Climate change, aka global warming, affects the global economy and hence influences how central banks operate. They are handling the financial fallout of the pandemic and associated lockdowns. Inflation pressures in some nations, such as the US, are rising. How should these organisations act?
Central banking faces three pressing challenges: debt, digital and climate. The author of this article thinks that such banks will change how they conduct policy. Meanwhile, the spectre of inflation is back, perhaps unsurprisingly after a period of large money printing to inoculate the financial system against heavy government borrowing. The rules of economic life haven’t been suspended, so what does this mean? Here is Fabrizio Pagani, global head of economics and capital markets strategy at Muzinich & Co, to explain more.
The editors of this news service are pleased to share these insights and we invite readers to jump into the conversation. The usual editorial disclaimers about the views of outside contributors apply. Email firstname.lastname@example.org and email@example.com
Central banking is facing three pressing challenges: debt, digital and climate. We believe that the response to these challenges by the major central banks will change the nature of monetary policy and the role of central banking in the economy and society at large.
Since the 2007/2008 Great Financial Crisis (GFC), central banks have enriched the toolkit of monetary policy by introducing new non-standard instruments and enhancing existing ones. Among these unconventional policies, quantitative easing stands out. As defined by Ben Bernanke, “Quantitative easing involves central bank purchases of securities in the open market, financed by the creation of bank reserves held at the central bank.”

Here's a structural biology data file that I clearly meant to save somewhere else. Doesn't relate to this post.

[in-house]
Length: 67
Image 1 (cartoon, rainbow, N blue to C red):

Major central banks have engaged in quantitative easing (QE) in the years following the GFC and have made further, massive, recourse to this instrument in response to the COVID–19 pandemic. The Federal Reserve (Fed), European Central Bank (ECB), Bank of England and Bank of Japan have all undertaken quantitative easing.
Fig. 1 – European Central Bank Asset Purchase Programmes
The graph does not include the purchases under the PEPP, the purchase programme specifically established during the pandemic. (PSPP – public sector purchase programme, CBPP3 - third covered bond purchase programme, CSPP – corporate sector purchase programme, ABSPP – asset-backed securities purchase programme, APP – asset purchase programme.) As of 31 March 2021.
In the last decade, central bank balance sheets have grown dramatically. For example, the amount of bonds bought by the Eurosystem through its different programmes (APP and PEPP) stood at around €4,000 billion in mid-April 2021. 
More than 75 per cent of the securities owned by the ECB are government bonds, the purchase of which will continue at a substantive pace until at least the end of March 2022, swelling its balance sheet even more. Equally, in April 2021, Fed-owned assets amounted to more than US$7700 billion, with a striking ninefold increase since early 2008. 
The ECB and Fed will end up owning between 25 per cent and 30 per cent of their governments’ debt, and the Bank of Japan over 40 per cent.
Existential questions loom over this debt, well beyond contingent issues about the length of the extension to the current purchase programmes. Will central banks embark on an indefinite roll over, possibly extending the maturity? Will this debt eventually be made perpetual or even cancelled as has been proposed? In the case of the European Union, will the ECB progressively replace national debt with a supranational one issued by the Commission under programmes such as the Next Generation EU?
Each central bank has its own mandate, culture and practices and these questions can, possibly, find narrow, technical answers according to each jurisdiction.